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How to Keep Your Dog Safe from Potentially Dangerous Substances

How to Keep Your Dog Safe from Potentially Dangerous Substances

Picture this: you come home from work and you're greeted with a pile of vomit and your pup is laying in his bed, not bothering to come greet you after a long day. It could be stomach issues again, but what if he got into something he shouldn't like cleaning supplies or human food? Every pet owner should be prepared to handle the emergency situation of if their pet is poisoned.

The third week in March is National Poison Prevention week, so we've rounded up the most common household items that are toxic to dogs, the signs and symptoms of poisoning, and the steps to take if your pet does ingest a toxin so that you can keep your furry friend safe. Read on for more:  

Dangerous Substances for Dogs
There are products all around your house that, unless you're careful, can cause some serious harm to your four-legged friend. Here are a few categories of common household items that are toxic to dogs:

  • Foods:
    • Caffeine
    • Chocolate
    • Garlic
    • Grapes
    • Macadamia Nuts
    • Onions
    • Raisins
    • Salt
    • Yeast
  • General household products:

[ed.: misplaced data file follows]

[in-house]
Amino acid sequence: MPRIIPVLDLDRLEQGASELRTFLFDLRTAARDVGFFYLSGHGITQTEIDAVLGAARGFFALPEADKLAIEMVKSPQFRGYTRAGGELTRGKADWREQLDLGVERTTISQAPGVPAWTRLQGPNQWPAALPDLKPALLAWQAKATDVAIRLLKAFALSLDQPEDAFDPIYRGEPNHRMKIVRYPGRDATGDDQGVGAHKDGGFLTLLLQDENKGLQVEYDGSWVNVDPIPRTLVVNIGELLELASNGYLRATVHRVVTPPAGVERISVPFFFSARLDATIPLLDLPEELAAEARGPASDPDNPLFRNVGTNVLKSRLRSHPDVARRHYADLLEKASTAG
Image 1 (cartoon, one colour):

• Antifreeze
    • Fabric Softener sheets
    • Lawn Fertilizer
    • Mothballs
    • Pain Relieving Medicine
    • Prescription Medication
    • Tobacco Products
  • Plants and flowers:
    • Aloe Vera
    • Chrysanthemum
    • Daylily
    • Dogbane
    • English Ivy
    • Foxglove
    • Hibiscus
    • Hyacinth and Tulip (especially the bulbs)
    • Hydrangea
    • Lily-of-the-Valley
    • Narcissus, Daffodil 
    • Peace Lily
    • Poinsettia
Note that this is not a complete list and that other common household items can be dangerous to dogs. Although accidents do happen, the best route to avoid potential animal poisoning is prevention. If you have any of the above products in your household, the best method of action is to put the objects out of your dog's reach. 

Signs your dog may have been poisoned

There are a few signs that make it obvious that your pooch has ingested a toxic substance. The most obvious being vomiting, diarrhea, and lethargy. Other symptoms may include:
  • Abnormal Breathing/Heart Rate
  • Dizziness
  • Loss of Appetite
  • Loss of Coordination
  • Nosebleeds
  • Seizures 

What do to if your dog ingests a toxin

If your dog is exhibiting any of the above symptoms after ingesting a potentially harmful substance, it is in your dog's best interest to contact your veterinarian right away.

The vet will probably ask you to bring your dog in, depending on the severity of the symptoms. It is always a good idea to being in the substance that your dog ingested, if you know what it is, especially if it contains chemicals like fertilizer or a cleaning product.

The vet may also ask you to give your pup medicine, fluids to dilute the poison, or something to help it go through your dog's system. Do not take these steps unless you have the advice of a veterinary professional.

Taking these steps without the advice of a vet may cause your pet to become further hurt. In the event that you cannot reach an emergency vet if your pet is poisoned, there are several hotlines available: 


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